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Figure 11. Screenshots of the posts in Instagram (left plot, https://www.instagram.com/p/BvrLbBXFT7C/, 31 March 2019) and Telegram (right plot, https://t.me/showmethebest/869, 14 September 2018) to support OpenForecast results communication in social media (in Russian).
Figure 11. Screenshots of the posts in Instagram (left plot, https://www.instagram.com/p/BvrLbBXFT7C/, 31 March 2019) and Telegram (right plot, https://t.me/showmethebest/869, 14 September 2018) to support OpenForecast results communication in social media (in Russian).
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Table 1. Description and calibration ranges for GR4J and Cema-Neige free parameters.
Table 1. Description and calibration ranges for GR4J and Cema-Neige free parameters.
GR4J
ParametersDescriptionCalibration Range
X1Production store capacity (mm)0–3000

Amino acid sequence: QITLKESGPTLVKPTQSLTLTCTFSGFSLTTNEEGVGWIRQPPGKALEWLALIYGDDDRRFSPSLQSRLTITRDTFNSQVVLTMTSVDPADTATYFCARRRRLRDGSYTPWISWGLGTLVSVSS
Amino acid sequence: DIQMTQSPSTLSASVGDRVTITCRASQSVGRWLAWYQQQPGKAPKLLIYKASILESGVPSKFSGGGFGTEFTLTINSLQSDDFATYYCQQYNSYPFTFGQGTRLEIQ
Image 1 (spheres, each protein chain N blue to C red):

X2Intercatchment exchange coefficient (mm/day)−10–10
X3Routing store capacity (mm)0–1000
X4Time constant of unit hydrograph (day)0–20
Cema-Neige
X5Dimensionless weighting coefficient of the snowpack thermal state0–1
X6Day-degree rate of melting (mm/(day*C ))0–10
Table 2. Model performance summary for Moskva R. at Barsuki and Seraya R. at Novinki for different periods. The numerator and denominator values stand for NSE and Bias, respectively.
Table 2. Model performance summary for Moskva R. at Barsuki and Seraya R. at Novinki for different periods. The numerator and denominator values stand for NSE and Bias, respectively.
Moskva R. at Barsuki
Periods for:Validation (in Columns)
Calibration (in Rows)1979–19851986–19911979–1991
1979–19850.77/2.80.75/−6.60.78/−1.6
1986–19910.66/120.79/2.10.75/7.5
1979–19910.76/60.78/−3.50.79/1.6
Seraya R. at Novinki
Periods for:Validation (in Columns)
Calibration (in Rows)2003–20092010–20152003–2015